"In 2000, we were chosen as a supplier for a dual-use Chinese Medium Helicopter platform, which was to have both military and civil variants using a common rotor and transmission," said Jean-Daniel Hamelin, a spokesman for P&WC in Québec. "Pratt & Whitney Canada's PT6C-67C engine was selected to power the civil variant while a Chinese indigenous engine was to power the military variant.... The Chinese engine encountered delays and our engines were used during the development of the common platform."
HSC in the United States had believed it was providing its software to PWC for a civilian helicopter in China, based on claims from PWC. By early 2004, HSC learned there might be an export problem and stopped working on the Z-10 project. UTC also began to ask PWC about the exports to China for the Z-10. Regardless, PWC on its own modified the software and continued to export it to China through June 2005. PWC anticipated that its work on the Z-10 military attack helicopter in China would open the door to a far more lucrative civilian helicopter market in China, which according to PWC estimates, was potentially worth as much as $2 billion to PWC.
These companies failed to disclose to the U.S. government the illegal exports to China for several years and only did so after an investor group queried UTC in early 2006 about whether PWC’s role in China’s Z-10 attack helicopter might violate U.S. laws. The companies then made an initial disclosure to the State Department in July 2006, with follow-up submissions in August and September 2006. The 2006 disclosures contained numerous false statements. Among other things, the companies falsely asserted that they were unaware until 2003 or 2004 that the Z-10 program involved a military helicopter. In fact, by the time of the disclosures, all three companies were aware that PWC officials knew at the project’s inception in 2000 that the Z-10 program involved an attack helicopter.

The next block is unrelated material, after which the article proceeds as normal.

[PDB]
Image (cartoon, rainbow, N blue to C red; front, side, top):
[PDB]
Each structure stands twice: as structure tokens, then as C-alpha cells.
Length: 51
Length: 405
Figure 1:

PWC exported controlled U.S. technology to China, knowing it would be used in the development of a military attack helicopter in violation of the U.S. arms embargo with China. PWC took what it described internally as a ‘calculated risk,’ because it wanted to become the exclusive supplier for a civil helicopter market in China with projected revenues of up to two billion dollars.
While both versions of the aircraft were originally expected to be powered by two Pratt & Whitney Canada PT6C-67E turboshafts, in early 2010, French engine-maker Turbomeca confirmed that it will collaborate with AVIC to develop a new turboshaft based on the Turbomeca Ardiden engine for the Chinese Z-15. AVIC will develop the compressor and the engine installation in Harbin, and Turbomeca will develop the hot section and controls. The new engine, identified as the WZ60, is said to offer 15 percent better fuel economy. This Chinese engine would avoid potential U.S. embargoes on the Pratt & Whitney engine once the Z-15 enters Chinese military service.
Pratt Canada planned to deliver the first engines for flight testing to Eurocopter in 2009. In March 2011 Pratt & Whitney Canada (P&WC) delivered its first PT6C-67E production engine for the Eurocopter EC175 medium-size utility helicopter for multi-role civilian and parapublic applications. The first flight of the second EC175 prototype helicopter took place in December 2010, and certification of both the engine and helicopter was slated for the second half of 2011. Entry into service was planned for 2012.